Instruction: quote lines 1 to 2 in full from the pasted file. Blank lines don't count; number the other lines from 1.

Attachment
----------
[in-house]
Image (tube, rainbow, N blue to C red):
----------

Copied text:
[in-house]
Image (tube, rainbow, N blue to C red):